Did you ever notice how the seagulls are smarter in August? Early in the summer, they will tentatively approach the crumbs 10 feet from my chair, afraid I pose a real threat. After two months, they wise up, and realize I am actually slightly fearful of them. Yesterday, a really large gull – like a bird on roids – snatched a cracker right out of my hand. A little later, he or one of his gang buddies, took a particularly foul dump on my chest. And, it didn’t make me feel lucky. But, it did make me appreciate the success of the seagulls’ summer school. They are quick studies. The opposite has happened to my children. They went from smart little students to sticky, tan kids who can’t recount the book they just finished. The wheels have completely come off – it is time to get this wagon back on track.
1. Read – of course. Take stock of what your school aged children have already read this summer. Have they enjoyed what they have read or are they just checking off a box? It is not too late for one or two more books. Help them find ones they will love, even if it means going back a level. It is far better to send them back to school with a renewed love of reading than an impressive list of books read. For your pre-readers, surround them with books, read to them constantly. When they want the same book over and over, comply and be thankful. Don’t teach them to read, just get them comfortable with books.
2. Talk about books – One of my daughters doesn’t love to read. This is so hard for me to comprehend – who doesn’t love to read? When I realized my technique of telling her that it is ridiculous and anti-American to not love books wasn’t working, I switched gears. We are in a mother-daughter book club together. When we are reading the same book, she loves it. As painful as it may be to put down your trashy summer-read, pick up the same book your child is reading. Even if you don’t love it, fake it. For now, it is one of the most interesting things you have ever read. Talk about characters and plot. Discuss your child’s favorite part, what message the author is trying to convey, and which character they relate to most. I promise you will enjoy these conversations, and they will sharpen necessary skills.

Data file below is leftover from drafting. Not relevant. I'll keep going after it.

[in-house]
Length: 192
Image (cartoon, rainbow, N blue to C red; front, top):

3. Do math problems aloud – Don’t quiz them. Just wonder aloud how much change you should get at the ice cream truck, how many cups of flour you need for a recipe and how many degrees warmer it is today than yesterday. Find life math that is appropriate for their learning level, and do it together. Remember, it is not about getting the answer right, it is about the thought process.
4. Do puzzles, google kids’ riddles and play card games – Get their problem-solving wheels turning. Puzzles are great for spending time as a family. Everyone can get involved. They don’t have to be finished in one night – just leave it there on a table. Your kids will wander to it often, maybe add a few pieces, maybe just stare for a while. Riddles are a fantastic way to shake off the cobwebs. You can google hundreds of them. Just shout them out once in a while – your kids will start to think. Card games, like Uno, Gin Rummy, even Poker, will work on math and reasoning skills – yes, I am encouraging gambling with your children.
5. Don’t waste time in the car – It is so easy to turn on the radio or a DVD player, and believe me, I understand the need to do this sometimes. But, you have this captive little audience who can’t go anywhere. Engage them. There are all kinds of great games you can play in the car with no equipment at all. Sometimes, I just ask my kids trivia or simple questions about math or spelling. I tire of it well before they do.
With all the video games – educational and otherwise, it is so easy to forget how much kids love their parents’ attention. Give it to them! It is the best thing you can do to get them ready for school. Talk to them, shop with them, listen to them, play with them. You wouldn’t run a marathon without stretching first. Help them sweep those sun-filled cobwebs out of their little brains. Besides, think how little you’ll see them once school schedules start. I spend a lot of my blogging energy writing about how my kids drive me crazy – and they do. But, they’re a lot of fun too – I’ll miss them in the fall.